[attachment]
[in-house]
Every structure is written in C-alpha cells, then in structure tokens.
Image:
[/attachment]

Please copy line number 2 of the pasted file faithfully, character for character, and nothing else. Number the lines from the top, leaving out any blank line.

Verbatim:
Every structure is written in C-alpha cells, then in structure tokens.